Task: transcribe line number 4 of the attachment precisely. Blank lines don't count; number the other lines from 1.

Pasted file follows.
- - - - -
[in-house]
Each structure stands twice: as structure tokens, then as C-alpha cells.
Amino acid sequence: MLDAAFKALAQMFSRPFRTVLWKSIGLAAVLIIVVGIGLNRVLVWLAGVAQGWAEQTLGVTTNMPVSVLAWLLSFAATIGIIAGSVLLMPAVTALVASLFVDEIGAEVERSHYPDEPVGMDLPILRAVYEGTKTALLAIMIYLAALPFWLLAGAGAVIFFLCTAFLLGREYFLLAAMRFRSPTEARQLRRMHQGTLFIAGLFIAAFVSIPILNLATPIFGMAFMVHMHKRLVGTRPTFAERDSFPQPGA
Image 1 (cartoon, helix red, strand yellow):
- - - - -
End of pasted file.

Image 1 (cartoon, helix red, strand yellow):